Age at seizure onset did not differ among these groups, and neither did seizure frequency on the video-EEG, seizure type, active infantile spasms, history of infantile spasms, use of vigabatrin, gender, type of surgical resection, side of resection, or tuber count (table 2). There also was no difference in the postoperative follow-up period between the 2 postoperative groups (ANOVA, p = 0.75). Similarly, there did not seem to be referral or patient selection bias, e.g., no difference in age at the time of presurgical evaluation between the 2 halves of the 7-year inclusion period (ANOVA, p = 0.77).
Eighteen children with TSC had MSI. All AEDs were maintained at their usual doses for the MSI study. Eight of the MSI studies were performed at Scripps, and 10 were performed at UCSF. MSI findings did not differ between the 2 facilities when dipole yield, correlation with video-EEG localization, correlation with FDG-PET hypometabolic locations, and correlation with seizure freedom were individually compared.
Four MSI studies were not localizing for presurgical evaluation, either because no dipoles were detected (2 studies) or because dipoles were multifocal (2 studies). In the remaining 14 MSI studies, interictal dipoles clustered over a single tuber or a single group of closely located tubers (6 at Scripps and 8 at UCSF). For this study, dipole clusters were defined as 5 or more epileptiform dipoles in 1 or contiguous sublobar regions of the brain.12 By chance, patients 5 and 16 had seizures during their magnetoencephalography (MEG) studies (table 1), and the ictal onset zone closely matched the region localized by the interictal dipoles in the same study.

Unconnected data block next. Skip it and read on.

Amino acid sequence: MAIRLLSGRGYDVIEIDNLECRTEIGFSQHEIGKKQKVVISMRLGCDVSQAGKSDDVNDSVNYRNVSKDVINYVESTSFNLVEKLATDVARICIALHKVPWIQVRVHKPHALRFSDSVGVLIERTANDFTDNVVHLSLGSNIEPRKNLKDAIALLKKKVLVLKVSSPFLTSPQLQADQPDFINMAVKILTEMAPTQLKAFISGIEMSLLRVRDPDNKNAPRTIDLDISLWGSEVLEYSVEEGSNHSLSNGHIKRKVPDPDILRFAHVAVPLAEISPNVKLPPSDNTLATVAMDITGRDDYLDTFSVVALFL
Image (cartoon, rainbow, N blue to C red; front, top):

Whereas 1 patient who had MSI elected not to undergo surgery, the other 13 children underwent surgery, with the final resection based on all noninvasive tests, and the intraoperative electrocorticography. Seven patients had complete removal of the dipole clusters and all became seizure free postoperatively, 5 children had partial removal of the dipole clusters (limited resection for 1 because of eloquent cortex [patient 16 with the ictal MEG study]) and 2 achieved postoperative seizure freedom, and 1 child had no removal of the dipole cluster and continued with seizures postoperatively (table 1). Thus, complete removal of MSI dipole clusters correlated with postoperative seizure freedom (χ2, p = 0.025).
For the 8 children whose video-EEG ictal onset was localized to a quadrant and had MSI, MSI confirmed that localization in 6 (75%) and was nonlocalizing in 2 (table 1). For the 7 children with MSI whose video-EEG ictal onset was lateralized to 1 hemisphere but not further localized within that hemisphere, MSI provided localization in 6 and was nonlocalizing in 1. For the 3 children whose video-EEG ictal onset was nonlateralized, MSI provided localization in 2 and was nonlocalizing in 1. Thus, for these 2 groups of children with hemispheric or generalized ictal onset, MSI was able to provide further localization over ictal EEG in 8 of 10 children (80%).